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The spread of Covid-19 eased in rural America last week, but more than a third of the nation’s 2,000 rural counties continued to have high rates of new infections.

In addition, for the fifth week in a row, rural counties continued to produce a disproportionately larger share of the nation’s new Covid-19 infections and deaths than its share of the population, according to this week’s Daily Yonder analysis of the pandemic in rural America.

Here are the key findings of this week’s Daily Yonder Covid-19 analysis:

  • For the week of September 6-12, the number of rural counties on the red-zone list dropped from 806 to 701. That’s the first significant drop in more than two months. The White House Coronavirus Task Force defines the red zone as localities with an infection rate of 100 or more new cases per 100,000 in population. That rate indicates that the virus’ spread is out of control, the task force has said. 
  • While the number of rural counties on the red-zone list has been steady or increasing since mid-July, the number of metropolitan counties on the red-zone list has been falling consistently during the same period.
  • Rural counties (which this story defines as nonmetropolitan) accounted for 17.5% of all new cases in the United States last week and 19.1% of deaths. Rural counties have only 14.0% of the U.S. population.  (See graphs below.)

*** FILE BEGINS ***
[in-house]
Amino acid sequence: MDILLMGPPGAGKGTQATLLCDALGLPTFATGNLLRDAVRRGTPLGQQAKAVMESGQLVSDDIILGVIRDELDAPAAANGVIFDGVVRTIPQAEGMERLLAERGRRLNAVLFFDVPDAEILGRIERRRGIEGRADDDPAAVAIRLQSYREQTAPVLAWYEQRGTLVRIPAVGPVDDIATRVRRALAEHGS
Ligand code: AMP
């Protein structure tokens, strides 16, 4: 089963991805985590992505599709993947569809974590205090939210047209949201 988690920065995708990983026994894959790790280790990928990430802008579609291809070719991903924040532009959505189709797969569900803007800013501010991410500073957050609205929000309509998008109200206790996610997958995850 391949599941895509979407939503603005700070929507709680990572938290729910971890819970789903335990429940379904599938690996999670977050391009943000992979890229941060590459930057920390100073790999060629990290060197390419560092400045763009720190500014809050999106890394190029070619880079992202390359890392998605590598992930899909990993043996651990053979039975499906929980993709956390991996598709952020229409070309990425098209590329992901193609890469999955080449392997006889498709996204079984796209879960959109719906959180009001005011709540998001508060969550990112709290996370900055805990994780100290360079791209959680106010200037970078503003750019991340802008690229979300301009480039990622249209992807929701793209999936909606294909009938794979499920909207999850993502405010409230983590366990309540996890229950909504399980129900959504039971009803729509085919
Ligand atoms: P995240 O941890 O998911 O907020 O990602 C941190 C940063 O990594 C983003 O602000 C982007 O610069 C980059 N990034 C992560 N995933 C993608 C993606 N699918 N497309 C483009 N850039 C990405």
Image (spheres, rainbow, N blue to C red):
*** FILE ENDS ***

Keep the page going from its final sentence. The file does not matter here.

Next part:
• The number of deaths in rural counties last week fell below 1,000 for the first time in two months. Nine hundred seventy people died of Covid-19-related causes in rural counties last week.
  • Three out of every four new cases of Covid-19 in rural counties originated in a red-zone county last week. In contrast, only half of the 238,000 new infections in metropolitan counties originated in a red-zone county.
  • The distribution of Covid-19 in rural America remains uneven. Just 12% (or 237) of rural America’s 2,000 counties have generated nearly 60% of all rural Covid-19 infections. The good news for these hot-spot counties is that they generated only 45% of new cases the week of September 12.
  • Twelve states have 50% or more of their rural counties on the red-zone list. Seven of these states are in the South. These are Tennessee, South Carolina, Georgia, Florida, Louisiana, Mississippi, and Alabama (See the table below for more information.) The other five are in the Midwest. These are Missouri, Oklahoma, South Dakota, North Dakota, and Iowa.
  • Half of rural America’s 2,000 counties saw a decline in the number of new infections last week. Two-hundred forty counties had about the same number of cases week to week. And 730 rural counties had an increase.
  • In metropolitan America, 705 saw a decline in new cases, 28 held steady, and 432 had an increase.